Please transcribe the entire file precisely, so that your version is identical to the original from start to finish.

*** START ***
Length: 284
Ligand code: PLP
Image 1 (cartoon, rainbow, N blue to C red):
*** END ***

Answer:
Length: 284
Ligand code: PLP
Image 1 (cartoon, rainbow, N blue to C red):